World Health Day 2022

THR: A Historic Opportunity for Our Health & Our Planet

World Health Day is celebrated annually on 7 March, which was the founding date of the World Health Organisation (WHO) in 1948. Each year focuses on a specific health topic of concern to people all over the world. This year, global attention will be directed towards ‘our planet, our health’(1); “Are we able to reimagine a world where (…) economies are focused on health and well-being? Where cities are liveable and people have control over their health and the health of the planet?”(1). Amongst an extensive agenda of health concerns, the human and environmental harms of smoking will be a particular focus for the partnered WHO and United Nations Environment Programme (UNEP)(2). This article will provide commentary on the partnership’s efforts, with reference to the historic opportunity tobacco harm reduction (THR) has to improve our people’s health, and our planet’s:

1. Cleaner, Safer Alternatives to Combustion

2. RESET: Environmental Considerations of E-Waste

3. A Harm-Reduced Future

1. Cleaner, Safer Alternatives to Combustion

Consider the parallels between harms from air pollution and smoking. Firstly, from a human perspective, as the world gets more populated, there is a concomitant rise in the need for fuel for energy used in transport, cooking, heating and electricity. With over half the world not having access to clean fuels or technologies, the air we breathe is becoming harmfully polluted: nine out of ten people worldwide breathe polluted air(3). It is estimated by the WHO that there are 7 million premature deaths secondary to air pollution, 4 million of which are from indoor air pollution (e.g., from stoves or lamps). Tragically, 91% of these premature deaths occur in low- and middle-income countries (LMICs)(4). Air pollution has become a critical risk factor for non-communicable disease (NCDs), being implicated in 24% of all adult deaths from cardiovascular disease, 25% from stroke, 43% from COPD, and 29% from lung cancer(3).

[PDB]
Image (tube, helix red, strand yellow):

Similarly, smokers inhale 7000 chemicals from cigarettes, 70 of which are known to be carcinogenic(5). Over 80% of smokers live in LMICs(6); just like with air pollution, it is the poor, vulnerable, and marginalised population groups that suffer most(7). Annually, there are over 8 million premature deaths attributable to smoking(8).

What do smoking and air pollution have in common? Combustion. Humankind’s first interaction with fire is estimated to be about 1.5 million years ago in Africa. We began to wield and control fire more regularly about 7000 years ago(9), incidentally around the same time Native Americans first started cultivating tobacco(10). But it was the discovery of fossil fuels during the Industrial Revolution that catalysed our use of combustion(11). Coal, oil, and gas became indispensable ingredients to economic and technological progress, and they continue to currently supply about 80% of the world’s energy(12).

Unfortunately, the combustion of fossil fuels has also had major, harmful implications for our planet and our health(11). In addition to the aforementioned 7 million premature deaths due to air pollution, atmospheric concentrations of CO2 have risen by 50% since 1750 – higher than they have ever been, and more than what happened naturally over a 20,000-year period(13). Over 97% of actively publishing climate scientists agree that climate-warming trends are extremely likely due to human activities(14). This is manifesting as rising sea levels, shrinking ice caps, ocean acidification, increased droughts and heat waves, and more regular extreme weather events(15).